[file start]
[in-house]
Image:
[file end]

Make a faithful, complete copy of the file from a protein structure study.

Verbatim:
[in-house]
Image: